It’s a wonder what publicity photos can do in giving you an assumption about an actor leaping from passable to serious. Such is the case for Ashton Kutcher who we finally see in the guise of Steve Jobs for his upcoming biopic “jOBS” that screens at the Sundance Film Festival in January. Despite being just one photo, it shows a far more focused Kutcher than we were used to seeing when he last dressed in 1970s clothes for a certain TV show on a particular network that rhymes with Ox.
Yet the question lingers whether that serious gaze into the camera doesn’t have a large tongue in cheek hidden behind the intensity. You can’t really name one role that Kutcher has done to date where we don’t see an emergent smirk to break any chance of dramatic tone. Yes, he’s done some films that are branded drama, even if they’ve never been a drama with a true sense of purpose.
Steve Jobs was such an intense person within the public eye during his nascent years that it requires a sense of focus and not clear insouciance. There also has to be some reflection of ferocity in Jobs’ push for innovation that Kutcher never has demonstrated in a role. With that, there’s always the danger of overacting to the point where Kutcher won’t be rendered believable.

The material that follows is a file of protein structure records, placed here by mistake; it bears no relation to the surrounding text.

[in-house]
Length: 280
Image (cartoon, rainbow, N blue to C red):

That’s where the division may lie between the Kutcher version of Steve Jobs’ life and the sanctioned biopic from the Walter Isaacson biography. Who will be the actor willing to assimilate himself into the world of Jobs so profoundly that we’ll believe he really is Jobs rather than just an actor pretending to be the Apple founder? We have to give Kutcher the benefit of the doubt based on clues to his career.
So far, Kutcher has only been truly successful when paired with another actor (or actress) in numerous rom coms of variable quality. In most of those cases, the actress usually out-acted him, even if he provided a bit of charm in the repartee mix. His most recent example is “No Strings Attached” where acting opposite Natalie Portman might be comparable to Bob Hope once acting alongside Katharine Hepburn in “The Iron Petticoat.”
It’s why going from that to an assumed scenario of carrying the entire film on Kutcher’s own is so transforming in theory. And the assumption that he can is a huge leap of faith in the producers of “jOBS”, plus the intended audience. However, if there’s anything Kutcher can do well in the vein of Steve Jobs, it’s being garrulous.
One promotional picture can’t tell you everything in selling a movie. But if that intensity in the picture holds true, we can at least expect Kutcher to be game in holding a film on his own without an ensemble. That may change should the film show the romantic side of Jobs with his past relationships and wife, something the credits don’t reflect.
Assuming Kutcher can truly hold a movie himself for 90 minutes, get ready for updated promotional pics of Kutcher the thespian rather than half hearted actor who looks like he’s still hosting “Punk’d.”